Bishop William Williams and Archdeacon Alfred Brown, together and with the wider Church Missionary Society Central Land Board made a decision in 1866 to yield the Te Papa land, the land that we gather on today, to the Crown in what was an act of human failure under intense and undue pressure. I stand here today with the Church to acknowledge our past, our connection to the actions of the past, to support this apology and to commit to seeking a better relationship for the future.
In May this year Te Hinota Whanui, the General Synod of Te Hahi Mihinare ki Aotearoa ki Niu Tireni, ki Nga Moutere o Te Moana Nui a Kiwa met in New Plymouth and heard the request that Archbishop Philip, Pihopa Ngarahu and I submitted to them to support an apology for the actions of our predecessors, Williams and Brown, in yielding the Te Papa lands to the Crown and ignoring the moral obligations to address the exchange of land back to Ngati Tapu and Ngai Tamarawaho.
Te Hahi Mihinare o Aotearoa stands here today because we have heard the call for an apology for the actions of our predecessors; we have listened to and learned from the events of the past; we have been moved by the stories of the consequences of our predecessors actions, the isolation from the whenua of mana whenua, the marginalisation and dislocation that has been experienced and the hardship that has been endured by mana whenua for more than 150 years.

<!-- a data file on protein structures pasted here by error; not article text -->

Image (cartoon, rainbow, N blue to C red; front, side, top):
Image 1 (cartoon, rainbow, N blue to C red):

We have heard afresh the knowledge and wisdom of te Ao Maori brought to us Chief Judge Eddie Durie about the continuing relationship between the donor and donee in a transaction of land. In our listening to history we have sought to find an expression of our desire for reconciliation, for addressing the wrongs of the past.
We too, knowing our own human frailty and capacity for making mistakes, have listened with compassion to the accounts of our predecessors, Williams and Brown, who sought to uphold and honour the trust that was given them by nga iwi o Tauranga Moana for Te Papa. We acknowledge that our predecessors, Williams and Brown, struggled relentlessly to appeal to the Crown to act with honour and not seek to claim ownership of Te Papa, and instead to allow the Mission to continue in partnership with Nga Iwi o Tauranga Moana.